With Syria's shaky cease-fire holding, peaceful protesters have yet again taken to the streets in opposition-held areas of the country. But this time, in addition to President Bashar Assad's government, they have another despised authority they seek to topple - al-Qaida's affiliate in the country, the oppressive Nusra Front.
The developments have raised questions as to whether the al-Qaida branch can be sidelined - or in fact even completely eradicated - from any future scenarios for Syria.
In the northwestern province of Idlib, protesters recently set fire to an office belonging to the Nusra Front after major fighting in the area saw the al-Qaida-linked militants crush a division of the U.S.-backed rebel Free Syrian Army, which has become popular with residents in the town of Maaret al-Numan and elsewhere across the province.
The nearly three-week truce - which excludes the Nusra Front and its rival, the Islamic State group, both designated by the United Nations as terrorist organizations - and the peace talks currently underway in Geneva between the Syrian government and Western-backed rebels have increased pressure on the Nusra Front.
According to Charles Lister, a Middle East Institute fellow who has written a book on jihadist dynamics in the Syria conflict, the truce “was a test of exactly how much” the Nusra Front would succeed in casting itself as a political force and a heavyweight in the conflict.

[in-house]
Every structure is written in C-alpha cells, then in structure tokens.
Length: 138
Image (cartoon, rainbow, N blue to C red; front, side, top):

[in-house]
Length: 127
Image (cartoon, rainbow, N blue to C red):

Apparently, not much.
The Nusra Front, or Jabhat al-Nusra as it is known in Arabic, emerged in Syria in 2012, when the country's civil war was already in full swing, quickly establishing itself as the local power in scores of towns and villages in the country's north. But its battlefield strength waned in the face of the rival Islamic State group, which captured almost a third of Syria and neighboring Iraq when it blitzed across the region in the summer of 2014, and a myriad of other militant and rebel factions that took hold in the war-ravaged country.
In the town of Maaret al-Numan, the Nusra Front has resorted to force against residents on several occasions.
On March 4, Nusra Front members and supporters attacked a peaceful anti-government march, detaining several protesters. A week later, militants on motorbikes stormed another protest, beating up demonstrators and snatching away their three-color flags symbolizing the 2011 Syrian uprising against Assad.
Then, on Saturday, the militants swept through the town again, this time capturing and detaining fighters from the popular 13th Division of the rebel Free Syrian Army.
The townspeople had had enough.
On Monday, a throng swarmed a Nusra Front building, tearing down the black-and-white Islamic banner from its facade. Protesters later torched an empty “security office” belonging to the Nusra Front.
A town activist, who declined to give his name fearing for his life, said eight people from Maaret al-Numan and nearby areas have been killed. “The people say the Nusra Front is to blame,” he said.